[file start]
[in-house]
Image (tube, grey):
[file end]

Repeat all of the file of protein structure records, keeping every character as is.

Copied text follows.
[in-house]
Image (tube, grey):